As autistic individuals, we know that autistic burnout affects us deeply. It impacts our ability to work, take care of ourselves, take care of others, and even complete day to day tasks. The symptoms are many including exhaustion, mental fog, losing words or the ability to do things we once took for granted, being more irritable, and many others. What isn’t talked about so much is the effect autistic burnout has on our environment, our pets and companion animals, and others.
Certainly I don’t want to dismiss the powerful impact the insidious type of burnout known as autistic burnout has on the individual. Any effects of burnout affect the individual experiencing it first. And those have been talked about at length, though not enough, because people still think you can “snap out of it” or rest your way out of burnout (without looking at socioeconomic factors that may play a role in preventing someone from resting). However, when you look with a critical eye through your own connections, you’ll find autistic burnout also affects others, as well.
Some examples of this is that beloved companion animals may miss out on routine checkups or care. Quite often the pet or companion animal is cared for in other ways, such as adequate fed, loved, groomed, etc.. However, care that requires an outside assistance and especially making phone calls or wrangling visit times, may fall through the cracks. In this case, it helps if other people can offer aid in making phone calls or being there to handle the care, where possible. While the autistic individual often feels awful about the missed care, in general cases, the animal isn’t suffering and is still living an excellent life. It’s just the extras that are going missing.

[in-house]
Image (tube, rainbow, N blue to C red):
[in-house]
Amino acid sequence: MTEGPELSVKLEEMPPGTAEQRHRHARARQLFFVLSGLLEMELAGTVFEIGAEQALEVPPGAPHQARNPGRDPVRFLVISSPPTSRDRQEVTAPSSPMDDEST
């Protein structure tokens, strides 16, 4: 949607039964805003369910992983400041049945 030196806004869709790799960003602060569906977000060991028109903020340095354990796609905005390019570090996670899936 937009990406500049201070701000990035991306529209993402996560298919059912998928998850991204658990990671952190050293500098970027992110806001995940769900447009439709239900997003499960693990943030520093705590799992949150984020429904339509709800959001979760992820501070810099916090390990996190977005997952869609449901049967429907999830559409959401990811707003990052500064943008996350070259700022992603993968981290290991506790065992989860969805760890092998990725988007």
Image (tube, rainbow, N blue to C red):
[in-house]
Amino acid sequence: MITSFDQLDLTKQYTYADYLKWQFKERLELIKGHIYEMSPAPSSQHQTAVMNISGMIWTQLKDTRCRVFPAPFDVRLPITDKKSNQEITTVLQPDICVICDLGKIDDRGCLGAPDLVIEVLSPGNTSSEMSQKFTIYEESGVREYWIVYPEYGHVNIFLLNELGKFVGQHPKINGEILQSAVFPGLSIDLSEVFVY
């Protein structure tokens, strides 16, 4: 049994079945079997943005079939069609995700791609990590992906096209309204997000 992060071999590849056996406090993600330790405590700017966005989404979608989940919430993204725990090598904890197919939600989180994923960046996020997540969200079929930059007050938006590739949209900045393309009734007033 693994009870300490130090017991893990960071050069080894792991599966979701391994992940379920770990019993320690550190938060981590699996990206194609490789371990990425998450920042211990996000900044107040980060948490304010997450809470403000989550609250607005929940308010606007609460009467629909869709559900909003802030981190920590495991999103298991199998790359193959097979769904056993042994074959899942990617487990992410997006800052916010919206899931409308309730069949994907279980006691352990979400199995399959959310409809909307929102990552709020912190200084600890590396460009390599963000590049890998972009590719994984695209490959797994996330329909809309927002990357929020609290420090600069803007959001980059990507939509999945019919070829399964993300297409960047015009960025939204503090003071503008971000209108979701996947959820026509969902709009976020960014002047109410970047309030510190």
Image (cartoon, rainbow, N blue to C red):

Projects and things you mentioned doing for someone else may also fall through the cracks. They may notice that you aren’t as responsive to needs or you make promises to complete things that then are forgotten or passed over in the rush of the days. Again, this doesn’t indicate a lack of care or concern, but rather the effect autistic burnout has on the autistic individual.
Of course, we don’t want to center our concern for autistic burnout on the others it affects, whether they’re human or companion animals. We always want to center the autistic individual and ensure that they are receiving the care and support they need. Too often they aren’t, and this can cause autistic burnout to continue much longer than expected.
But it’s also good to look at the entire picture of burnout and see that its effects stretch far beyond any particular individual and into the other spaces of their lives.
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